I love the Born Reading playbook and the easy way this breaks it down on how to encourage your child to interact with books (and ebooks and apps) better. In just a few days of implementing a few of the first strategies, I've already seen a marked language boost in my son. I took half a star away because a lot of the book seemed to just be a story of "oh, my kid is so smart, look what she did" though, I really don't feel like Mr. Boog meant to do this. I also took another star away because it felt I love the Born Reading playbook and the easy way this breaks it down on how to encourage your child to interact with books (and ebooks and apps) better. In just a few days of implementing a few of the first strategies, I've already seen a marked language boost in my son. I took half a star away because a lot of the book seemed to just be a story of "oh, my kid is so smart, look what she did" though, I really don't feel like Mr. Boog meant to do this. I also took another star away because it felt like all of the quotes from people he sought said the same thing: read as much as possible and ask questions. I suppose that's not his fault though. I may update this review at a later time and just give him the missing star, if nothing else, to hopefully boost this book so more parents seek it out for their babes.

  13. 4 out of 5

    Sarah

    Starting off citing research supporting significant IQ benefits to specific styles of reading with kids is strong and convincing to keep me hooked. Loved the fact that this book didn't outright dismiss screens but talked about HOW to use them as a form of media and evaluate the educational value of different apps with specific recommendations. This gets a little repetitive as each chapter sorted by age could probably be summarized "be animated, excited, and genuinely work with your child's inter Starting off citing research supporting significant IQ benefits to specific styles of reading with kids is strong and convincing to keep me hooked. Loved the fact that this book didn't outright dismiss screens but talked about HOW to use them as a form of media and evaluate the educational value of different apps with specific recommendations. This gets a little repetitive as each chapter sorted by age could probably be summarized "be animated, excited, and genuinely work with your child's interests", but the specific ideas on ways to do that were very helpful.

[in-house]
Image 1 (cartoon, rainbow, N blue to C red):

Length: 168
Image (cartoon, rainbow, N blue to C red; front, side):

14. 4 out of 5

    Amy

    Great and easy read about effective methods of reading with children. Highly recommend to any parents. As a librarian, I definitely was familiar with many points, but it served as a good reminder of techniques that I can share with parents. It helped as a refresher. I like that there are app and tech recommendations, and although those might change over time, the focus of the book is really on the methods that we can use when reading with children, which will always be applicable no matter what Great and easy read about effective methods of reading with children. Highly recommend to any parents. As a librarian, I definitely was familiar with many points, but it served as a good reminder of techniques that I can share with parents. It helped as a refresher. I like that there are app and tech recommendations, and although those might change over time, the focus of the book is really on the methods that we can use when reading with children, which will always be applicable no matter what the text or app looks like.